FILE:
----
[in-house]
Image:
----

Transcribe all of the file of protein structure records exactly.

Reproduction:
[in-house]
Image: